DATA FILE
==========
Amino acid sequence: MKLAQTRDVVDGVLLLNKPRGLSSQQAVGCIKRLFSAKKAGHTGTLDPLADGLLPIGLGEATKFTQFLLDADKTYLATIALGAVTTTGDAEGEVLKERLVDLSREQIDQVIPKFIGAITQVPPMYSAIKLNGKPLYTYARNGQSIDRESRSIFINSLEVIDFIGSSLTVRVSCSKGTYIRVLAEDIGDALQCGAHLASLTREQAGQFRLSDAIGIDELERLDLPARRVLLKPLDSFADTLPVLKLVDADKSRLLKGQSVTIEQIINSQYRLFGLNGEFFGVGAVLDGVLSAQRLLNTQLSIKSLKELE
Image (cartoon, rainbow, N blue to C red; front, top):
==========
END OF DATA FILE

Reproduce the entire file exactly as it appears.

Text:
Amino acid sequence: MKLAQTRDVVDGVLLLNKPRGLSSQQAVGCIKRLFSAKKAGHTGTLDPLADGLLPIGLGEATKFTQFLLDADKTYLATIALGAVTTTGDAEGEVLKERLVDLSREQIDQVIPKFIGAITQVPPMYSAIKLNGKPLYTYARNGQSIDRESRSIFINSLEVIDFIGSSLTVRVSCSKGTYIRVLAEDIGDALQCGAHLASLTREQAGQFRLSDAIGIDELERLDLPARRVLLKPLDSFADTLPVLKLVDADKSRLLKGQSVTIEQIINSQYRLFGLNGEFFGVGAVLDGVLSAQRLLNTQLSIKSLKELE
Image (cartoon, rainbow, N blue to C red; front, top):